ATLANTA — Delta Air Lines Inc. is cutting at least 1,000 more jobs than it previously planned because the number of employees who accepted voluntary severance offers exceeded the company's goal.

A spokeswoman for the Atlanta-based carrier, Betsy Talton, said Friday that more than 3,000 people took the package, and Delta will accept all of the volunteers.

Salt Lake City International Airport has a Delta hub, and the company employs about 3,500 people in Utah. Delta spokesman Anthony Black said Friday that the company has not broken out numbers on how many Utah employees accepted buyouts.

Delta said on March 18 that it would offer voluntary severance payouts to roughly 30,000 employees — more than half its work force — and cut U.S. capacity by an extra 5 percent.

Executives said then that the airline's goal was to cut 2,000 frontline, administrative and management jobs through the severance program, attrition and other initiatives.

Talton also said at the time that the company would accept more job cuts, if more than 2,000 employees took voluntary severance.

"We'll be working through plans to ensure our operations are covered, and there could be future hiring for operational needs, depending on capacity needed," Talton said Friday in an e-mail to The Associated Press.

One part of the severance program was for employees who were already eligible for retirement, or for those whose age and years of service added up to at least 60, with 10 or more years of service. The other part of the program was an "early-out" offer for frontline employees — such as flight attendants and gate and ticket agents — with 10 or more years of service and for administrative and management employees with one or more years of service.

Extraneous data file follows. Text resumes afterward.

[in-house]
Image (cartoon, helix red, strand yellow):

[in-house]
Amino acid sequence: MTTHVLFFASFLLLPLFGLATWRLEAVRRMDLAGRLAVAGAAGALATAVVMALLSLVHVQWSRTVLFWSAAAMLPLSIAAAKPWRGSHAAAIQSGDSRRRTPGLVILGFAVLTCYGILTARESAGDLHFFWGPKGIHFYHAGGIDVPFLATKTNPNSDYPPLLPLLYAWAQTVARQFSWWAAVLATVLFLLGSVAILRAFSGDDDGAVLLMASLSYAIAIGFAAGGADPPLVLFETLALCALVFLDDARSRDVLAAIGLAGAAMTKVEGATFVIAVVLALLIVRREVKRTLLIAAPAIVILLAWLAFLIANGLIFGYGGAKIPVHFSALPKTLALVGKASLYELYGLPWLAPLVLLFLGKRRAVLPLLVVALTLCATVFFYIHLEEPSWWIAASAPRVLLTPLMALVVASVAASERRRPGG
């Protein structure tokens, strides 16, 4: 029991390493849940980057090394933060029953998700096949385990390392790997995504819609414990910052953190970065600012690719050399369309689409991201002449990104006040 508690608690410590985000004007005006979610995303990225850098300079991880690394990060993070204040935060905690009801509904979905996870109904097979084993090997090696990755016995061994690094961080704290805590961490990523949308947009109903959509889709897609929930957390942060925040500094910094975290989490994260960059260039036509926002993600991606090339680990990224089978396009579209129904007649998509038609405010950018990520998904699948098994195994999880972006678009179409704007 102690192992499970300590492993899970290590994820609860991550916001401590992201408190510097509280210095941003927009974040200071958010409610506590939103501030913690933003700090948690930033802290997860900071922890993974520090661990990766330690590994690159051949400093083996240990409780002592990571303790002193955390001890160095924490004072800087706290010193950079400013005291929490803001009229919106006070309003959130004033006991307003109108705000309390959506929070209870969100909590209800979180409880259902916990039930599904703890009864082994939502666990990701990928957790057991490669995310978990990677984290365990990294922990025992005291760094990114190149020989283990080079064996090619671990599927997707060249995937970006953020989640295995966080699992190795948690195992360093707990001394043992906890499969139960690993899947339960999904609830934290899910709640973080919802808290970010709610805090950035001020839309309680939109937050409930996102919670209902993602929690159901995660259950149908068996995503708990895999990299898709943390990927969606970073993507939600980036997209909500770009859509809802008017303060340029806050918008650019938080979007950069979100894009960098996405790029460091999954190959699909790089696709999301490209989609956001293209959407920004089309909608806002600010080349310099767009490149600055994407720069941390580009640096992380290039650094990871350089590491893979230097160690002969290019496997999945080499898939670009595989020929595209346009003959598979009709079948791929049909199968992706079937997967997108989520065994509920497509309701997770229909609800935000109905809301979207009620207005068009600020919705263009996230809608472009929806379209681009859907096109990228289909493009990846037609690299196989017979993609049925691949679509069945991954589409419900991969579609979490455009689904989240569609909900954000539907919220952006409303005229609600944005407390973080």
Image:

Besides severance payments, employees who take the offers are entitled to travel privileges and additional benefits to manage career transitions.

Delta had 55,044 total full-time employees as of the end of last year. Excluding the current round of cuts, Delta has announced it would cut up to 33,000 jobs since 2001.

Several major airlines in recent months have announced they are cutting domestic capacity, deferring plane orders or shedding jobs because of record fuel prices, which are currently near $130 a barrel.


Contributing: Laura Hancock